by Dave on January 21, 2014

I am often asked to share how I find ways to manage my time given a very busy work schedule. Following are a few things that work well for me. I encourage others to send their time saving tips to me – I will create a follow-up blog sharing this information.

1 on 1 Impromptu Meetings –I utilize stand-up meetings; this often shortens the time they cartoom time mgttake. It eliminates someone settling in your office and chatting about unrelated items.  It works like this; if it is a salesperson or a customer/client with a complaint I meet with them over the front counter, explaining that I am on a busy schedule, but how can I help them. It is easier to excuse yourself from that type of situation than asking them to leave your office. In the case of a customer/client with a beef, they generally are more polite with others (staff) watching (and as a spin-off) you have witnesses to what was said should you need that).

When meeting with colleagues try to meet in their office, as again it is much easier to excuse yourself than ask them to leave.

Note: In these types of meetings there will certainly be times when you will want to speak with the individuals in private, dependent on the nature of the issue to be discussed and  particularly in regards to persons with a complaint – but I recommend starting at the counter, then judging your approach.

Running Effective & Efficient Meetings –There are a number of ways of ensuring that you keep meeting time to the minimum. First ask yourself this question; Is this meeting really necessary?  is there another way of handling the issue/item? With availability of electronic capability like SKYPE, Joinme, Go to Meeting, conference calling and other programs, you can save travel time (if participants need to come from other parts of town or other cities) the expense of hosting a meeting and considerable time. 

If you determine that the meeting needs to take place here are 8 things to consider that will make efficient use your time at the meeting.

1.      Who needs to be there? – Only those who will be directly impacted by any decisions or who have information pertinent to the item/issue need to be there.

2.      Establish a timeline – I have found that meetings that extend beyond 1 hour are not productive.

3.      Create and agenda – identify:meetings

a.      The date and time of the meeting (here is where I would indicate the 1 hour (e.g. 10:00 AM – 11:00 AM)

b.      Who will be invited

c.       Items to be discussed

4.      Send any background material for the items to be discussed so the attendees may review and research before the meeting

5.      If you are not Chairing the meeting select someone who is experienced and not reluctant to take charge

6.      If you are not making meeting notes select someone to do that task – make sure you advise them as to what your expectations are (e.g. summary notes identifying any action to be taken and who will be responsible for that action).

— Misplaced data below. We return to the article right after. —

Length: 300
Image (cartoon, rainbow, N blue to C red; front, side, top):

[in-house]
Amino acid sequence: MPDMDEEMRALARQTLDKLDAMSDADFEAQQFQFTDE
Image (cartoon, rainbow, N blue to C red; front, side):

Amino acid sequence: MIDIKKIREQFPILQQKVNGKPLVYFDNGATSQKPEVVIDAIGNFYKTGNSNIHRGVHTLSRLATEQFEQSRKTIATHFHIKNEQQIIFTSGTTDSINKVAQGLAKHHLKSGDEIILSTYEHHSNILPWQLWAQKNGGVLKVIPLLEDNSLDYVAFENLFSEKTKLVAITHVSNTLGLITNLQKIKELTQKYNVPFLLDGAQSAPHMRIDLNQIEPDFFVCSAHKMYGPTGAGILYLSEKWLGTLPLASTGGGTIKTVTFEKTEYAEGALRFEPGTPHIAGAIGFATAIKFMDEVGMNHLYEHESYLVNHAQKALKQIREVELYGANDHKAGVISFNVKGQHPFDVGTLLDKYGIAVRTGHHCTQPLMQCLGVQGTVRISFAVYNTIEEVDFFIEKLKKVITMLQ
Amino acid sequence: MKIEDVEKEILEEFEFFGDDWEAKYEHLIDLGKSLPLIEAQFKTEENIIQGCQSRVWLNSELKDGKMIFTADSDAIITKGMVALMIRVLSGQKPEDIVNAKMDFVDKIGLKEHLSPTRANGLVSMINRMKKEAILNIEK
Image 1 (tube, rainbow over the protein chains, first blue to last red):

7.      Review the decisions as made to ensure everyone understands what was agreed

8.      Make sure the notes (after you have reviewed them for accuracy) are sent out to the participants as soon as possible (within 2 days maximum), include a summary of the action taken, who will

Handling Correspondence (mail, e-mails, texts, etc.) –In a book entitled The Organized Executive, written by Stephanie Winston there are a number of time saving techniques identified. One that I utilize is called the TRAF system for handling correspondence. I use this technique for handling e-mails as well. Ms. Winston said that there are things you can do with a piece of correspondence:

T – toss/trash it – there is absolutely no point in keeping it unless you will need it at another time.

R – refer or forward it – to someone else that has the ability to handle it, unless it is absolutely imperative that you deal with it

A – action it – deal with it/ respond right away, this saves having to return to it later and having most likely to read it again.

F – file/save it – only if it will be necessary to refer to it in the future.

½ – read it – only if will take only a few minutes. If it is a correspondence/e-mail of several pages save it to read until you are waiting for a plane/dentist or riding a bus, etc.

To Do Lists –If you use “to do” lists here are 3things that work for me:

1. Place the most difficult/time consuming ones first on your list – get them out of the way while you are fresh and alert – the easier ones for later in the day.

2. Group items of a similar nature (e.g. phone calls, e-mails, texting, etc.). In most cases you can breeze through these and get them off your list quickly

3.      If you have phone calls to make, schedule them just before lunch or closing time as your contacts will want the calls to be brief.  

Reflection Time –A really helpful technique I learned well into my work life was time to reflect. I took ½ hour at the end of the day when the office was empty to reflect on how my day went, what went well, what I could have done better and what the next day’s activities were and how I would handle them. This had additional value in that when I went home for the evening I was ready for my family. Prior to that I always needed quiet time at home to download before I was part of the home events.



“Time flies – it is up to you to be the Navigator.”  – Robert Orben


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